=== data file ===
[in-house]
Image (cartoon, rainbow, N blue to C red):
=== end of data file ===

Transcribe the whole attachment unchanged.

[in-house]
Image (cartoon, rainbow, N blue to C red):